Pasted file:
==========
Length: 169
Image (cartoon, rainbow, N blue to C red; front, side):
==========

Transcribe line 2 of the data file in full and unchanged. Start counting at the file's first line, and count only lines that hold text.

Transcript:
Image (cartoon, rainbow, N blue to C red; front, side):